NORTH ADAMS, Mass. — Dozens of McCann Technical School students have received Manufacturing Advancement Center Workforce Innovative Collaborative certifications.
Members of the Massachusetts Manufacturing Extension Partnership and McCann community members attended a ceremony Thursday morning during which 38 students were awarded MACWIC levels one and two certifications.
"Congratulations to our students who have continue to work as hard as they can," Superintendent James Brosnan said. "This is not easy ... this is an incredible accomplishment."
The certification pathway provides testing designed to help manufacturers have a better understanding of the base competency skills of potential employees.
"Manufacturing continues year over year and has never stopped growing in the U.S. in spite of everything that you have heard," Leslie Parady, a manager with MassMEP, said. "We make parts that are smaller and harder to make. They are more intricate so you have to have more education to be able to do it and we want to make sure you have that foundation."
Through two tests, one taken in March and the other in May, McCann students were able to earn this accreditation. Students can begin pursuing Level 1 accreditation as sophomores and Level 2 beginning junior but only after earning Level 1.
Students who received Level 1 certification have proven themselves competent in areas including shop math, blueprint reading, measurements and quality inspection, safety, and work readiness.
Students who receive Level 2 certification have proven to have a basic understanding of Lean Manufacturing Concepts, CNC mill and CNC lathe operation, as well as GD&T and programming. Those students also earn the state Department of Labor Pre-Apprentice Certification.
CNC stands for computer numerical control, or operation of computer automated equipment, and GD&T stands for geometric dimensioning and tolerancing in relation to three-dimensional modeling.
Parady said the manufacturing field is forever changing and that students have to always be open to learning.
"As you go along you are never going to stop learning an you are never going to stop reinventing yourself as you get older," she said. "Manufacturing will change it will be something different 10 years from now but you guys are in an awesome position."
Parady then read a letter from the MassMEP President John Killam.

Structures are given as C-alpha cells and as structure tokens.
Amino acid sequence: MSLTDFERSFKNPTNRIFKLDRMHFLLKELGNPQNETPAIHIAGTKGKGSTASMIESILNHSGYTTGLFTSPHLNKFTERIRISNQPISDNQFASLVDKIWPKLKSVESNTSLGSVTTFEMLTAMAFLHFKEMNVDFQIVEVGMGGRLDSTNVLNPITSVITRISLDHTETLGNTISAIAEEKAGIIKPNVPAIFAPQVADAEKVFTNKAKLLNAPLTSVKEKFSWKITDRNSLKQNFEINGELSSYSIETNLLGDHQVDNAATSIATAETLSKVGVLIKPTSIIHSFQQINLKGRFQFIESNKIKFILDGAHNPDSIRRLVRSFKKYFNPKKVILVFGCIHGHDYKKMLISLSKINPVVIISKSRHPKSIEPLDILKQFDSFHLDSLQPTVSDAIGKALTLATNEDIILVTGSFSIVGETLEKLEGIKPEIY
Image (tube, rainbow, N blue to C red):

"Manufacturing is the backbone of the Massachusetts economy and it is important that we maintain the infrastructure and continue the pipeline of young people going into the industry," Killam wrote. "I am excited you have chosen this industry and you now have the opportunity to go out and get good paying jobs and have a career path."
State Rep. John Barrett III also attended the event and congratulated the group.
"You took an advantage to not only get a great education but also the foundation that will lead you to bigger and better things," he said. "This is not an easy school and it certainly is one of the finest in the state ... your parents have to be so proud of you."
A.J. Enchill from state Sen. Adam Hinds' office also attended and congratulated the students on the senator's behalf.
Earning Level 1 certificates: sophomores Connor Cirullo, Alahna David, Kyle DuPont, Connor Griswold, Dylan Hardaker, Damian Kivlehan, Gabrielle Montgomery, Dillan Morse, *Stephen Perreault, *James Pinckney, Gabrielle Schneider and *Grace Towler; juniors Brooke Larabee, Taylor Lavanway, Vanessa LeSage, Nathan Piantoni and *Dalton Tatro; and seniors Destiny Charron, Evan Crews, John Daub, Austin Davine, Drew Romaniak and *Caleb Rondeau.
Earning both Level 1 and 2 certificates: juniors Dana Canales, David DeBlois, *Braedon Delmolino, Andrew Levesque, *Chase O'Dell, Christopher Rose, Devon Ryll-Spencer, *Derek Torres, ^Elijah Vallieres and seniors *Hannah Blake, *^Hope Blake, *Jacob Newton, *^Samuel Parks, *Alexander Pinckney and *Rutger Thurston.
Students scoring at least 85 percent in all five Level 1 areas and four of the Level 2 areas receive challenge coins: *denotes Level 1 Challenge coin recipient; ^denotes Level 2 Challenge Coin recipient.
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Jack's Hot Dog Contest Crowns Local Champ, Raises Charity Funds
By Jeff SnoonianiBerkshires Correspondent
Professional eater Kevin Strahle goofs around with Mayor Thomas Bernard and Jack's Hot Dog Stand owner Jeffrey Levanos.
NORTH ADAMS, Mass. — Kevin Strahle traveled all the way from his home in New Jersey to compete in the Jack's Hot Dog Stand eating contest on Eagle Street on a sweltering Saturday.
But because of some late intestinal distress, he did not take the title home with him.
Strahle, better known as "L.A. Beast," is a professional eater with over 2.3 million subscribers on YouTube. He holds several distinctive records in the world of professional eating, including: eating five light bulbs in 10 minutes, the entire menu of burgers from Burger King while wearing a shock collar, and ingesting 21 dimes covered in olive oil.
One of Strahle's better known feats is eating an entire pineapple. Not just the entirety of the traditionally edible parts but the whole fruit.
Kevin Strahle traveled all the way from his home in New Jersey to compete in the Jack's Hot Dog Stand eating contest on Eagle Street on a sweltering Saturday.
But because of some late intestinal distress, he did not take the title home with him. click for more
This art installation, although originally intended for the Ashuwillticook Trail, was placed at the Natural Bridge State Park here in North Adams where it has remained for the past 15 years.
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The Berkshire Business Interns, winnowed from more than 500 applications this past spring, worked in 20 different organizations, businesses and municipalities throughout the county this summer. About two-thirds hail from the Berkshires.
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